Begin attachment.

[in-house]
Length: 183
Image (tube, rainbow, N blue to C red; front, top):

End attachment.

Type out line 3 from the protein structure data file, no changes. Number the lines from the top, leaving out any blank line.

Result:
Image (tube, rainbow, N blue to C red; front, top):